The autonomic control of the cardiovascular system plays an important role in maintaining the arterial pressure at the levels necessary for adequate tissue perfusion. In cardiovascular diseases, the impairment of the basic reflex mechanisms that are responsible for the moment-to-moment regulation could increase sympathetic activity and is correlated with an adverse outcome. The objective of the present review was to provide information about the methodological aspects exploring cardiopulmonary and chemoreceptor reflexes. Different techniques are available and all of them include assessment of reflexes through the activation or deactivation of either the cardiopulmonary baroreceptors or chemoreceptors. Intravenous saline load, head-down tilt, passive legs raising, head-out water immersion and the application of a lower body positive pressure are the principal methods utilized for activating cardiopulmonary baroreceptors; on the contrary deactivation could be achieved by acutely induced hypovolemia by furosemide or blood donation, inflation of a congestion cuff on the thighs or application of a negative pressure on the lower body. The transient exposure to a hypoxic or a hypercapnic gas mixture is frequently used to determine the peripheral and central chemoreflexes, respectively. The reflexes are quantified by the gain between output (i.e. heart rate, sympathetic activity, vascular resistance, ventilation) and input (oxygen saturation, end-tidal CO2 or changes in central venous pressure). One important limitation in assessing the cardiopulmonary baroreflex by using currently available techniques is that the involvement of the arterial baroreflex cannot be avoided. In addition, chemoreflexes cannot be interpreted unless the breathing rate is controlled. To date, several techniques are available for the quantification of cardiopulmonary baroreceptor and chemoreceptor reflexes and could provide new information on the abnormal autonomic mechanisms contributing to the pathophysiology of several cardiovascular diseases.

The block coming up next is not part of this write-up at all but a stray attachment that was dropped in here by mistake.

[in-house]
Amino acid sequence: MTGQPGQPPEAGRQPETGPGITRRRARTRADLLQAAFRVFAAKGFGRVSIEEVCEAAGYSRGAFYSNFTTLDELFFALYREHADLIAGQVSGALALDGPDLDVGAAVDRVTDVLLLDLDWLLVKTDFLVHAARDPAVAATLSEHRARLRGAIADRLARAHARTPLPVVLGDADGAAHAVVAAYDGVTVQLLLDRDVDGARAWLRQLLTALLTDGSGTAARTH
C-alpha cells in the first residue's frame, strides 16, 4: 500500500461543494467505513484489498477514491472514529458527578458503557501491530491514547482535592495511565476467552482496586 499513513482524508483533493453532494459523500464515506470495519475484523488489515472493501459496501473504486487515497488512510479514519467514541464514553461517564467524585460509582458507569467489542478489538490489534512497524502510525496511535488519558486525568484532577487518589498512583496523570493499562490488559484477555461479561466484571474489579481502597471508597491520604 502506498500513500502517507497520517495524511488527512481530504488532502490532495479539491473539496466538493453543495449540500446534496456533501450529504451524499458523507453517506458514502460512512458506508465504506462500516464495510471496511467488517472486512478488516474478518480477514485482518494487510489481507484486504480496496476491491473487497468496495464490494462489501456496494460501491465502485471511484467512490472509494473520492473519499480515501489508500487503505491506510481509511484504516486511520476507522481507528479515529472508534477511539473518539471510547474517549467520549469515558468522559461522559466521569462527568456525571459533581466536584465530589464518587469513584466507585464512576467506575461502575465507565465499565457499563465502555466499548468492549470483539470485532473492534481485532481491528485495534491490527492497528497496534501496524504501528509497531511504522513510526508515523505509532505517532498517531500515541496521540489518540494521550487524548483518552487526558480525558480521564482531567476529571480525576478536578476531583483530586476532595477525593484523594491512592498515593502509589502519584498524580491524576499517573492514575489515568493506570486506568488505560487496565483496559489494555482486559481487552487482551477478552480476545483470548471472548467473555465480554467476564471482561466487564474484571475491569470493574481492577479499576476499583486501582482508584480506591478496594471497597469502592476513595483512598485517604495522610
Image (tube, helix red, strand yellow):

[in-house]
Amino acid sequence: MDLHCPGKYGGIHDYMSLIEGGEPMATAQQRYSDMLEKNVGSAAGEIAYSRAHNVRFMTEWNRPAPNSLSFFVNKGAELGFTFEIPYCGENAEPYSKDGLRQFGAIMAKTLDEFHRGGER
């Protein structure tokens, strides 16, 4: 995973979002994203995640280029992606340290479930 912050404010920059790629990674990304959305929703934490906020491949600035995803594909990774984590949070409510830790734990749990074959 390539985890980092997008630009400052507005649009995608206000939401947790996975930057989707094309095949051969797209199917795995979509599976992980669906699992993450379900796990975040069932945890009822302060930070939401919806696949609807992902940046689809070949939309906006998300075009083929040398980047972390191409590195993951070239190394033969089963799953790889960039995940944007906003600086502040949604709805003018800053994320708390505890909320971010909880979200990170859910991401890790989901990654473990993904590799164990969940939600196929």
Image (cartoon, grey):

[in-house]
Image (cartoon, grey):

|Translated title of the contribution||Cardiopulmonary sensitivity and chemosensitivity|
|Number of pages||6|
|Journal||Italian Heart Journal|
|Issue number||5 Suppl|
|Publication status||Published - May 2001|
ASJC Scopus subject areas
- Cardiology and Cardiovascular Medicine